It’s a contentious subject because many people think that what you wear shouldn’t matter – it’s your thoughts and work that are important isn’t it? The answer is yes they are, but…
Are you subconsciously distracting your audience? If you have to ask whether your suit is too tight or your skirt is too short then the answer is yes! If you feel self conscious about your outfit you may be drawing attention to the one area you don’t want people to notice. Have you ever watched a presentation where the presenter kept pulling down their skirt to cover their knees or pulling their jacket closed across their tummy – where do your eyes automatically go to?
The first thing we noticed about the picture on the left is that George Osborne seems to be wearing a shorter person’s trousers? There is a great article on the BBC News Magazine that seems to think it was deliberate and part of the latest trend to wear slimmer, tighter fitting suits. We aren’t so sure, it’s not a great look for the man who controls the country’s budget!
A little good planning will ensure your wardrobe works with, not against, your personal brand.
Here are our top tips for business clothing that enhances your personal brand:
- We believe the first essential in business dress, for men and women, is good fit. Even if you can’t afford Saville Row, if your suit fits you perfectly it will look more expensive. So make sure if you lose or gain weight you either buy new or get your clothes tailored to fit. If you struggle to find clothes that fit you well, find a tailor who can alter them and always budget that into the cost of the outfit. Think of your workwear as an investment in your career.
- Don’t think people won’t notice – someone always does! Being distracted by the button falling off your jacket or your chipped nail varnish means you aren’t focussed on the meeting and what’s being said and you will miss out on giving your opinion.
- Colour is one of the strongest statements you can make. Dark navy is great for authority (not surprising many police uniforms are blue) and red stands out. For those days you have important presentations or meetings combine both. For men choose a navy suit and a red print tie. Women have it easier because they can wear a navy dress and a red jacket.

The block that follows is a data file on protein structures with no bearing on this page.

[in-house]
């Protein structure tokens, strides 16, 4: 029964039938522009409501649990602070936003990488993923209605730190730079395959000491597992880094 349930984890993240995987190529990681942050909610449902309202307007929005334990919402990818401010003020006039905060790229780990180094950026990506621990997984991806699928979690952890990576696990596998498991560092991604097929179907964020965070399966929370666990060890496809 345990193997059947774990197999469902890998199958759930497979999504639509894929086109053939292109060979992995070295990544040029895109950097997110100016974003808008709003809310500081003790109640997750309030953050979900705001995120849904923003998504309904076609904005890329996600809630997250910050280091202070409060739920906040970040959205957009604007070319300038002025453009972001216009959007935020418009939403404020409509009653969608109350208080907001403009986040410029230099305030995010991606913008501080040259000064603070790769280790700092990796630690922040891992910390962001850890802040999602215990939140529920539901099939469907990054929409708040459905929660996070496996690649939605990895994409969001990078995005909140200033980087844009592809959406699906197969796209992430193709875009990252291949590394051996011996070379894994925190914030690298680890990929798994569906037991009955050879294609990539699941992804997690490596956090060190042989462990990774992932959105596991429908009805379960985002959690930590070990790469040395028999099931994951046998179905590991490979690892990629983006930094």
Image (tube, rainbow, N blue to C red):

- Work isn’t the place to try out the latest trends. While you shouldn’t stand out for your wacky appearance you also shouldn’t blend into the background. Find an accessory that can become part of your personal brand statement, for example cufflinks or a scarf. Choose quality and something individual and carefully thought out over buying the latest “IT” brand – it shows more personality and flair.
- Buy less, but buy better quality and retire pieces from your wardrobe when they are starting to show wear. If you wear a suit everyday buy two pairs of trousers with the jacket to make your suit last longer and always hang them on good hangers (not wire) at night. For women who wear suits, buy trousers and a skirt or dress with the jacket if you can.
- If you are client facing always make sure you have a jacket to hand even on dress down days, you never know when an unexpected meeting might crop up.
- If you do have dress down days, or wear business casual full time, always remember the first word of that title is business so make sure you stay appropriately dressed. Jeans and a T-shirt aren’t business casual. Chinos and a jacket are.
We describe your personal brand as “it’s what people say about you behind your back” make sure they are saying positive things about you and your work/thoughts not “she always looks like she’s just got out of bed and thrown the first thing on” or “he’s the one who’s trousers are always to short”.